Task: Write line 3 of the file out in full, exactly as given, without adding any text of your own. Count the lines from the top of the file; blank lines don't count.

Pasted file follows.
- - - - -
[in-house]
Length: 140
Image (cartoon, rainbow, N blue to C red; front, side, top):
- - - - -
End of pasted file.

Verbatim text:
Image (cartoon, rainbow, N blue to C red; front, side, top):